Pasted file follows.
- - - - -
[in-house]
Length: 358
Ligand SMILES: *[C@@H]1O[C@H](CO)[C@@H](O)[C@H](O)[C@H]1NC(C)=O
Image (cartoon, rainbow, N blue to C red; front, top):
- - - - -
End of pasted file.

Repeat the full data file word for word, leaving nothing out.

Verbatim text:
[in-house]
Length: 358
Ligand SMILES: *[C@@H]1O[C@H](CO)[C@@H](O)[C@H](O)[C@H]1NC(C)=O
Image (cartoon, rainbow, N blue to C red; front, top):